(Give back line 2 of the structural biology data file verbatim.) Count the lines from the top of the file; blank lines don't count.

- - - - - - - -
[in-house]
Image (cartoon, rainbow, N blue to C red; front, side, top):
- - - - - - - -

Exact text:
Image (cartoon, rainbow, N blue to C red; front, side, top):